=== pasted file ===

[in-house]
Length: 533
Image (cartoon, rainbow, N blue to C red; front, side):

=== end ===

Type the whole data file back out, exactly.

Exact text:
[in-house]
Length: 533
Image (cartoon, rainbow, N blue to C red; front, side):